Trois Couleurs: Bleu (Three Colours: Blue)

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Sadness and love are a pure, strong song in Krzysztof Kieslowski’s first ‘movement’ of the Three Colours Trilogy. The music, scored by Zbigniew Preisner, and based around the Song for the unification of Europe (inspired by the Greek text of the New Testament’s 1 Corinthians 13) cradles Julie’s (Juliette Binoche) emptiness as she grieves the death of her composer husband and their daughter. She is left alone with a wide wound and Kieslowski shows us how she heals.

Julie’s response is to empty herself: ‘I don’t want any belongings, any memories. No friends, No love. Those are all traps.’ Keeping only a blue glass chandelier, she sells their big house and all its possessions. Julie makes love to her musician colleague (a ‘last connection’), and then cuts herself off. She moves into a small apartment in Paris, and remains unknown.

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Kieslowski directs Binoche so her sadness echoes in a cave, one that is seemingly endless, with no far wall. Binoche’s performance is majestic, her face showing grief from her heart, and her intellect. Kieslowski’s images, after several viewings, now sit in my mind as a series of spiritual icons, navigating a path for Julie, guiding her through her melancholy. There is the image of Julie’s eye reflecting the TV screen in the hospital, Julie running her hand along the garden wall, the image of her looking at the blue chandelier in her apartment, and sitting in a café, listening to a street-musician play, by some extraordinary coincidence, phrases from the Song for the unification of Europe.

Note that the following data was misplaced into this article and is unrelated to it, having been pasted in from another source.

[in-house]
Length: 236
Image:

Slowly, through a friendship with her neighbour (a marginalised sex-worker) and meeting her late-husband’s mistress, Julie’s life is resurrected by her compassion and desire to forgive. She finds her freedom, her ‘blue’ in the ‘Tricolour’.

Julie is then ready to seek collaboration and finish the music for the Song for the unification for Europe. The exquisite music, alongside Julie’s journey, is a cinematic psalm to what love can achieve, personally and collectively. A much-needed reminder in these times, too, that living in a collective Europe should concern respect, collaboration and compassion, not just administration and commerce.

Director: Krzysztof Kieslowski
(1993)

This entry was posted in 1 Corinthians 13, Bereavement, European union, Forgiveness, French Cinema, French Film, Krzysztof Kieslowski, Melancholy, Polish cinema, Zbigniew Preisner and tagged , , . Bookmark the permalink.

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